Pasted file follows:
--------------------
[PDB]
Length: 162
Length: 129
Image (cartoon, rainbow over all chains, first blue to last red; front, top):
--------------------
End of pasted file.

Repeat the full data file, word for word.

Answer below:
[PDB]
Length: 162
Length: 129
Image (cartoon, rainbow over all chains, first blue to last red; front, top):